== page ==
When you work online and when you create a science-related document, you need to know about latex if you want to use vector equations in that document.

There can be different types of documents. Examples are science books, research papers, online science content, and science notes, etc.

In this tutorial, we will discuss in-depth how to use latex to represent different types of vectors.

## How to identify vectors with the help of latex?

The vector is always denoted by an arrow on the specified character. Here the character can be one or more.

For example, you take a vector whose initial points and final points are **a** and **b**. And you named the vector **p**. In this case, you can call the vector both **p** and **ab**.

You see, here **ab** is made up of more than one character.

So, you have to use the `\vec`

and `\overrightarrow`

commands to vector arrow on a character in latex. And you have to pass that character as an argument in this command. Suppose I write **p** as a vector here.

```
\documentclass{article}
\begin{document}
$$ \vec{p} $$
\end{document}
```

**Output :**

You all know about momentum which is a vector quantity. And this is the product of mass and velocity.

```
\documentclass{article}
\begin{document}
$$ \vec{p}=m\vec{v} $$
\end{document}
```

**Output :**

Suppose a particle travels from point **A** to point **B**, then the displacement of a particle will be

```
\documentclass{article}
\begin{document}
$$ \vec{AB} $$
\end{document}
```

**Output :**

You notice the output above,** the vector arrow does not cover the head of the whole AB**. In this case, you need to use the `\overrightarrow`

command instead of the `\vec`

command.

```
\documentclass{article}
\begin{document}
$$ \overrightarrow{AB} $$
\end{document}
```

**Output :**

Therefore, it is best to use the `\overrightarrow`

command when denoting a vector by more than one character.

Also, you will notice that in many books or research papers vectors are marked in bold instead of an arrow.

```
\documentclass{article}
\begin{document}
$$ \textbf{AB} $$
\end{document}
```

**Output :**

That is, you need to use the `\textbf`

command whenever you want to make a text bold.

## Magnitude of a vector in latex

When the magnitude of the vector is determined. Then the vector is denoted in mod. So, in this case, vectors have to pass between `\left |`

and `\right |`

as arguments.

```
\documentclass{article}
\begin{document}
$$ \left| \vec{a} \right| $$
\end{document}
```

**Output :**

**Latex has many packages that you can install and use the mod easily.** We have discussed here the simple method without installing any external package.

## Special type of vector in latex

There are different types of vectors. Such as unit vectors, zero vectors which are denoted separately.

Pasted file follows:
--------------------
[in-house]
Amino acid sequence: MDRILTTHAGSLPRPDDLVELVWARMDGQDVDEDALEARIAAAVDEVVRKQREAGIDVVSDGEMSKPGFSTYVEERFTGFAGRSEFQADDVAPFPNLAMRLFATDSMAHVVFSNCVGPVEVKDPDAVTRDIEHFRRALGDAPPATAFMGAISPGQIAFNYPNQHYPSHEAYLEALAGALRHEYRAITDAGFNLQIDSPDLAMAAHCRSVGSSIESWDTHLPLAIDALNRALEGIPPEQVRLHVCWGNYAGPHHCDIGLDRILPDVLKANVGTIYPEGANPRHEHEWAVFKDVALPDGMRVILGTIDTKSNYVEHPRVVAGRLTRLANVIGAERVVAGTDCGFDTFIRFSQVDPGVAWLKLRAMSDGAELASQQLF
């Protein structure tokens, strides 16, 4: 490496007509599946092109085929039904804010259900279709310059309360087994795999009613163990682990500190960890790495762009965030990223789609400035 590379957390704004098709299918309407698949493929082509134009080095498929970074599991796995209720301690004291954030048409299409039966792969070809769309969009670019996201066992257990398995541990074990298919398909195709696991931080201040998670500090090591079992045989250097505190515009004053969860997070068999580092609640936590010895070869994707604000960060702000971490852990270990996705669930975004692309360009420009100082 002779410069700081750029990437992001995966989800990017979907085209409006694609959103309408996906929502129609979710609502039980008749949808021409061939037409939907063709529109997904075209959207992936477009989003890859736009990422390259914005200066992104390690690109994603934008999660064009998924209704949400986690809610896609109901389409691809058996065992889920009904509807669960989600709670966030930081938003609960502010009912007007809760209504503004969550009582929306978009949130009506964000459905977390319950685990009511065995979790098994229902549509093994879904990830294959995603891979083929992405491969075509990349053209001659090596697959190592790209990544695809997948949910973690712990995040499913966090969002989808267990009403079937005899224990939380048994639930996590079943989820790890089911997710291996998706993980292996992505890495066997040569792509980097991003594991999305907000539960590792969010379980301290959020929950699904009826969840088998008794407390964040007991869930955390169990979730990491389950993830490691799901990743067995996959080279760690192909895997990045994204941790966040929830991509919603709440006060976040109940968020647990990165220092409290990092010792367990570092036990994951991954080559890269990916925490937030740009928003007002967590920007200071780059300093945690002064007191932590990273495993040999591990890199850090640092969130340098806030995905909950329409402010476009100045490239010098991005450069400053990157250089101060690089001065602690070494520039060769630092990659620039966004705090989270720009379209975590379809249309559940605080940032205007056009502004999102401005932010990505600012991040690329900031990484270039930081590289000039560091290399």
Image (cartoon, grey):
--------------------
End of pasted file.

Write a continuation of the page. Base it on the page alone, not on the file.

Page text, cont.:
### 1. Unit Vector

The unit vector is denoted by placing a cap on a single character. And dividing a vector by the absolute value of that vector defines the unit vector. For example

```
\documentclass{article}
\begin{document}
$$ \hat{a}=\frac{\vec{a}}{\left | \vec{a} \right |} $$
\end{document}
```

**Output :**

Notice the program above. To put a cap on a character, you need to pass that character in the `\hat`

command. And for fraction, you have to use `\frac`

command in** which you have to pass two arguments as numerator and denominator.
**

### 2. Zero Vector

And for the absolute value of the vector, you know what to use as discussed in the previous point.

If the absolute value of the vector is zero then it is called a null vector or zero vector. **Which is denoted with an arrow sign above zero.**

Suppose the total applied force on a system is zero. In that case, the force has to be expressed in the form of a zero vector.

```
\documentclass{article}
\begin{document}
$$ \vec{F}_{net}=\vec{0} $$
\end{document}
```

**Output :**

## Position Vector

A position vector is represented by three rectangular unit vectors.

```
\documentclass{article}
\begin{document}
$$ \vec{r}=x\hat{i}+y\hat{i}+z\hat{i} $$
\end{document}
```

**Output :**

And the `\hat`

command is called to cap the head of each unit vector.

## Vector Multiplication

Two types of products are usually seen between two vectors.

### 1. Cross Product in LaTeX

**The cross product is denoted by a cross mark between two vectors.** And its result is also a vector that is written in the **form of a unit vector or matrix. **And you need to use the `\times`

command to use the cross mark.

```
\documentclass{article}
\begin{document}
$$ \vec{p}\times \vec{q}=|\vec{p}|\vec{q}|sin\theta \hat{n} $$
\end{document}
```

**Output :**

For theta, you need to use the `\theta`

command. In which no argument has to be passed.

### 2. Dot Product in LaTeX

You can use dot symbols for dot products in different ways. We will use the `\cdot`

command for vector dot product.

```
\documentclass{article}
\begin{document}
$$ \vec{p}\cdot\vec{q}=|\vec{p}|\vec{q}|cos\theta $$
\end{document}
```

**Output :**

## Use physics package for vector in LaTeX

In latex, the physics package is defined for each special symbol or operation of the physics. For example, vector arrows and vector bold are denoted by `va`

and `vb`

commands.

```
\documentclass{article}
\usepackage{physics}
\begin{document}
$$ \va{a} $$
$$ \va*{a} $$
$$ \vb{a} $$
$$ \vb*{a} $$
\end{document}
```

**Output :**

And you can easily represent all kinds of vector operations with the help of physics package. Because the physics package contains pre-defined commands or functions to denote these operations. For example

```
\documentclass{article}
\usepackage{physics}
\begin{document}
$$ \vu*{a} $$
$$ \va{p}\vdot\va{q} $$
$$ \va{p}\cp\va{q} $$
$$ \abs{\va*{a}} $$
\end{document}
```

**Output :**